MA English Language and Literature
UCAS code: Q300
Duration: 4 years
School: Philosophy, Psychology and Language Sciences
College: Arts, Humanities & Social Sciences
Introducing MA English Language and Literature
Many of the world's most fascinating and influential literary works have been written in English. This programme offers you the opportunity to study the development of the English language alongside the literature of the English-speaking world in its cultural contexts.
You can also choose to study Scots language, which has its own rich linguistic and literary tradition.
The programme aims to develop your critical, analytic, linguistic, literary and creative skills by engaging with a broad range of texts and a variety of approaches to reading.
You will also deepen your understanding of:
- the principles of theoretical linguistics
- the way we learn language
- the regional and social variations of language in general (and of the English language in particular)
- methods of communication
In the second part of the programme, you will study research-led courses selected on the basis of your own interests. In English Literature, for example, this might be a topic or set of texts from a particular period between the late middle-ages and the present.
Edinburgh is the first UNESCO World City of Literature, a fantastic literary city which many greats of English literature have called home.
In English Language, you will take two semester-long introductory courses:
Linguistics and English Language 1A offers a brief introduction to the study of language in general and of English in particular.
- Linguistics and English Language 1B will help you develop the tools and knowledge needed to investigate the different subsystems of language in a systematic way.
In English Literature, you will take two ‘Literary Studies’ courses which will introduce you to the essential skills needed for the critical close reading of the core literary genres of:
You will read works of literature written in English from around the world, and encounter a range of ideas about the nature and purpose of literary study.
In addition, you will choose from a range of option courses outside your primary subjects.
You will take two further semester-long courses in Linguistics and English Language. They look at:
- linguistic theory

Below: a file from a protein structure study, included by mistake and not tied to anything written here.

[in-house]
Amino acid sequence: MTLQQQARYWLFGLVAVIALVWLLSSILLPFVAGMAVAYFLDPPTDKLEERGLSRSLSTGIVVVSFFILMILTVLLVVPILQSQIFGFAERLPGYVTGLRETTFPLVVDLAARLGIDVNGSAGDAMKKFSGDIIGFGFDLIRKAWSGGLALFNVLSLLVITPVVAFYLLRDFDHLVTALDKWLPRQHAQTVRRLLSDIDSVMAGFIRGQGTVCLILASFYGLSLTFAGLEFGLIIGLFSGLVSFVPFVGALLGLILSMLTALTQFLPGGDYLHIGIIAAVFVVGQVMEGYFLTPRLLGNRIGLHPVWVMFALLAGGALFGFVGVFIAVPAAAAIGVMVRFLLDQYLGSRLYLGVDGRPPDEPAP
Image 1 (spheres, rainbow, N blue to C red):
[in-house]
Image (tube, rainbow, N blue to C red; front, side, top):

- the structure and history of English
In your second year English Literature courses, you will be introduced to the study of English literature in its cultural and historical contexts, focusing on a selection of major periods.
These courses will explore the relationship between literary texts and the construction of national, international and imperial cultures.
As in Year 1, you will choose from a range of option courses outside your primary subjects.
You can start to specialise and choose the topics that interest you most. Advanced courses in English language available at this level typically include:
- English Historical Syntax
- Global Englishes
- Scots and Scottish English
You'll also be able to choose from a wide range of courses in other areas of linguistics.
Courses offered in literature at this level span a number of different periods, topics and approaches.
You will continue to choose advanced courses according to your interests.
You will also write an honours dissertation, which is regarded by many students as the most formative experience of their undergraduate studies.
Find out more about the compulsory and optional courses in this degree programme.
To give you an idea of what you will study on this programme, we publish the latest available information. However, please note this may not be for your year of entry, but for a different academic year.
When you are on campus, you can expect to spend most of your time in the University of Edinburgh's Central Area - in class, in the library, in the lab, or in one of the University’s many social spaces.
The Central Area is located on the edge of Edinburgh's historic Old Town, surrounded by lots of green space.
Libraries, collections and specialist equipment
The University holds many literary treasures in its extensive collections. These include a truly exceptional collection of early Shakespeare quartos and other early modern printed plays, and the Corson Collection of works by and about Sir Walter Scott.